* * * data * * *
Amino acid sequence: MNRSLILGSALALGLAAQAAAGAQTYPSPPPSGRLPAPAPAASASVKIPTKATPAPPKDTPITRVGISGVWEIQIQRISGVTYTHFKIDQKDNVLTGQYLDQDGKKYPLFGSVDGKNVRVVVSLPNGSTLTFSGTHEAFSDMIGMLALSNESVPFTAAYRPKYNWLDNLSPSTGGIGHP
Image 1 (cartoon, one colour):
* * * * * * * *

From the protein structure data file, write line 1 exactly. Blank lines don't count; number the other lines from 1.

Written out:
Amino acid sequence: MNRSLILGSALALGLAAQAAAGAQTYPSPPPSGRLPAPAPAASASVKIPTKATPAPPKDTPITRVGISGVWEIQIQRISGVTYTHFKIDQKDNVLTGQYLDQDGKKYPLFGSVDGKNVRVVVSLPNGSTLTFSGTHEAFSDMIGMLALSNESVPFTAAYRPKYNWLDNLSPSTGGIGHP